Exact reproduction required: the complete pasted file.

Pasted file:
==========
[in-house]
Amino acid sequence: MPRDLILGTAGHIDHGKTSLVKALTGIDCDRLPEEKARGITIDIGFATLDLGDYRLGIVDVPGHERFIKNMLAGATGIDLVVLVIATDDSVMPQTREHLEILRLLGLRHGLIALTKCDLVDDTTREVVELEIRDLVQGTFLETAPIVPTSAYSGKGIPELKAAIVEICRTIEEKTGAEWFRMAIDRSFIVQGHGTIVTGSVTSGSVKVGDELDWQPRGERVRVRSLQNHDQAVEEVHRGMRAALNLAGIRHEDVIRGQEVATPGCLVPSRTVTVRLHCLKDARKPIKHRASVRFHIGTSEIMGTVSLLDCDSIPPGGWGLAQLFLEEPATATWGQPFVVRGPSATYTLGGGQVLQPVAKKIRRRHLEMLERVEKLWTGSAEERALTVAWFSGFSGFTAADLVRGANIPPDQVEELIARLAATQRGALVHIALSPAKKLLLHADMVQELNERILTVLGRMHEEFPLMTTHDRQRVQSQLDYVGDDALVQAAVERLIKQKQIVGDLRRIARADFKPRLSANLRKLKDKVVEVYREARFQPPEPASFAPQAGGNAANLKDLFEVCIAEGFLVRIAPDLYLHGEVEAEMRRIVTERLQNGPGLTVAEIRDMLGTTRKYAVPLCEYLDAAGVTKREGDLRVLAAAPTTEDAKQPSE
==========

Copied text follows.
[in-house]
Amino acid sequence: MPRDLILGTAGHIDHGKTSLVKALTGIDCDRLPEEKARGITIDIGFATLDLGDYRLGIVDVPGHERFIKNMLAGATGIDLVVLVIATDDSVMPQTREHLEILRLLGLRHGLIALTKCDLVDDTTREVVELEIRDLVQGTFLETAPIVPTSAYSGKGIPELKAAIVEICRTIEEKTGAEWFRMAIDRSFIVQGHGTIVTGSVTSGSVKVGDELDWQPRGERVRVRSLQNHDQAVEEVHRGMRAALNLAGIRHEDVIRGQEVATPGCLVPSRTVTVRLHCLKDARKPIKHRASVRFHIGTSEIMGTVSLLDCDSIPPGGWGLAQLFLEEPATATWGQPFVVRGPSATYTLGGGQVLQPVAKKIRRRHLEMLERVEKLWTGSAEERALTVAWFSGFSGFTAADLVRGANIPPDQVEELIARLAATQRGALVHIALSPAKKLLLHADMVQELNERILTVLGRMHEEFPLMTTHDRQRVQSQLDYVGDDALVQAAVERLIKQKQIVGDLRRIARADFKPRLSANLRKLKDKVVEVYREARFQPPEPASFAPQAGGNAANLKDLFEVCIAEGFLVRIAPDLYLHGEVEAEMRRIVTERLQNGPGLTVAEIRDMLGTTRKYAVPLCEYLDAAGVTKREGDLRVLAAAPTTEDAKQPSE